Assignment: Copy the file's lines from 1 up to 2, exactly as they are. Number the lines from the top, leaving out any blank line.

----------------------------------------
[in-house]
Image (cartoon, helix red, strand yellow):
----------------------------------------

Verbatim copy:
[in-house]
Image (cartoon, helix red, strand yellow):